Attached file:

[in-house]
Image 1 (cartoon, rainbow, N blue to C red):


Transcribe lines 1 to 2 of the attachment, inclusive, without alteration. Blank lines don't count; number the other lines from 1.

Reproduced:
[in-house]
Image 1 (cartoon, rainbow, N blue to C red):